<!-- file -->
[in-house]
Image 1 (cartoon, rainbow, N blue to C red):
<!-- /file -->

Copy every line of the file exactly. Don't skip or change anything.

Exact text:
[in-house]
Image 1 (cartoon, rainbow, N blue to C red):